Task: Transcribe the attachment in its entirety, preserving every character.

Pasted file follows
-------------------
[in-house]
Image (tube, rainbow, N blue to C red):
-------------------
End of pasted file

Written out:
[in-house]
Image (tube, rainbow, N blue to C red):